DHS Uncovered More Than 60 Cross-Border Tunnels along Mexican Border Used for Smuggling

DHS also reports incursions by boat, ultralight aircraft

The US-Mexico border fence

The US-Mexico border fence / Getty Images


The Department of Homeland Security uncovered more than 60 cross-border tunnels along the southwest border that were used to smuggle people and illicit drugs into the United States over a five-year period, according to a new government report.

The agency also detected more than 530 "ultralight aircraft" intrusions into the United States and roughly 300 drug smuggling incidents involving small fishing boats and recreational vessels along American borders from 2011 to 2016, the Government Accountability Office reported.

All 67 tunnels discovered by border patrol agents were located along the U.S.-Mexican border. Likewise, all but one of the light aircraft incursions was detected on the southwest border in Arizona, California, New Mexico, and Texas.

A majority—nearly 76 percent—of the 309 maritime drug smuggling incidents involving fishing boats occurred on the West Coast, while the remaining 24 percent took place on the southeast coast, northeast coast, and southwest border.

The GAO report noted that while tunnel discoveries and detections of ultralight aircraft intrusions and smuggling incidents on small boats declined over the five-year span, the routes remain a threat to national security, particularly if used by militant groups to smuggle terrorists and weapons into America.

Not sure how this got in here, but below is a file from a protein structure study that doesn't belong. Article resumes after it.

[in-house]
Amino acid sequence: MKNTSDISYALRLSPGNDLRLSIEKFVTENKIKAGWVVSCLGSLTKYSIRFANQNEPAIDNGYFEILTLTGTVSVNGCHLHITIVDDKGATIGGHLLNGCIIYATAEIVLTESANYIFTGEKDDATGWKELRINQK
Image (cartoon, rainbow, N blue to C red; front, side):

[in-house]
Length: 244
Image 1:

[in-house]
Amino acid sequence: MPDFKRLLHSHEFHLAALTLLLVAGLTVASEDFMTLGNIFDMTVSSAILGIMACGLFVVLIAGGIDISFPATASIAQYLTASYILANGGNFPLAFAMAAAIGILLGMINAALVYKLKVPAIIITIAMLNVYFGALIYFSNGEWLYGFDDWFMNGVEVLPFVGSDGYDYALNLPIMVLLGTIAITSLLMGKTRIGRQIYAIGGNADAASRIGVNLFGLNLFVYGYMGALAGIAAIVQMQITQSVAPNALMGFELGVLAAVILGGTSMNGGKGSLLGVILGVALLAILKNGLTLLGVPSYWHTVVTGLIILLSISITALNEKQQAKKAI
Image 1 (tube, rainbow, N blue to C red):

"While these methods account for a small proportion of known smuggling, they can be used to transport significant quantities of drugs or for terrorist activity," the report noted.

Federal officials said transnational criminal groups constantly alter their smuggling methods as the United States cracks down on border activity to evade detection, posing a constant challenge to DHS officials.

Though the agency has made significant investments in personnel, technology, and infrastructure to prevent smugglers from entering into the country, DHS officials have no way of determining whether their efforts are working, according to GAO.

"Agency resources are being invested to address cross-border tunnels, ultralight aircraft and selected maritime smuggling methods and without some type of performance measurement, DHS does not have reasonable assurance that efforts to address these selected smuggling methods are effective," the report said.

GAO urged DHS to implement standard operating procedures across the agencies involved in detecting and preventing smuggling attempts, including Immigration and Customs Enforcement and Customs and Border Protection, so that the department can better facilitate information-sharing and adequately measure their efforts.

Natalie Johnson

Natalie Johnson   Email Natalie | Full Bio | RSS
Natalie Johnson is a staff writer at the Washington Free Beacon. Prior to joining the Free Beacon, she was a news reporter at the Daily Signal. Johnson’s work has been featured in outlets such as Newsweek, Fox News and Drudge Report. She graduated from James Madison University in 2015 with a B.A. in political science and journalism. She can be reached at johnson@freebeacon.com. Her twitter handle is @nataliejohnsonn.

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